Popularized by Docker, containerization is a mechanism for packaging together an application with its full set of system dependencies to create a reproducible experience. Containerization is similar to using a virtual machine, but has some distinct advantages:
- It's easier to share system resources (especially RAM) with the host OS
- It requires less overall CPU to run (since it shares a kernel with the host)
- The startup time is less
- It's typically easier to share files and network interfaces with the host
The downside of containerization is that it's not a complete silo like virtualization, since you're still sharing some of the host OS's components. That said, for many common workflows containerization provides more than enough functionality.
This article will talk at a high level about some of the workflows you'd want to consider containainerization for. We have many more detailed blog posts as well. We'll link to some of them below.
The most common case of using containers is deployment. In a non-container world, deployment typically involves some significant configuration of server machines, potentially with configuration management tools like Chef and Puppet. This introduces lots of room for your servers to end up in an unexpected state.
With container-based deployment, your CI pipeline defines a complete formula for creating a pristine image from scratch. Your CI pipeline can further test this image to make sure it's working as expected. Then, instead of reconfiguring your servers with updated system libraries, static assets, and an executable, you can atomically swap out which image is running.
Orchestration tools like Kubernetes make it easy configure a cluster to run multiple copies of your images for scalability and fault tolerance, and to perform red/black deployments to upgrade your entire cluster to new versions. It also makes it possible to roll back to a previous version of the image in case a bug is discovered.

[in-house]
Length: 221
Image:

Some of our blog posts on deploying with containers:
Let's say you're working on an application. It depends on some system libraries, using some code generation tools, and needs a locally running database. Getting this set up manually on Linux can be a bit of a pain, but not too bad. Now some pain points?
- Which distribution did you get it set up on? What if another team member wants to use a different distro?
- What if another project needs different versions of the tools or system libraries?
- What if you need to work on Windows or OS X?
Setting up development environments can be a time consuming prospect. When onboarding new team members, it can represent a significant delay. And we often end up in a situation where a new team member pushes some code that "works for them" but breaks on someone else's machine.
Containers can be a solution to this. Instead of installing all the appropriate tools on your operating system, the typical workflow is:
- A DevOps team member sets up a CI job to build a Docker image with all necessary tools and libraries
- The project's CI build uses this Docker image for building and testing the project
- On your local machine, you perform builds inside a Docker container using the same image used on CI
Docker's built-in support for bind mounting and sharing network interfaces makes this kind of workflow convenient. And build tools like Stack can automate this process even more.
Interesting in learning more about how to use containerization on your team? Learn more about FP Complete's training services.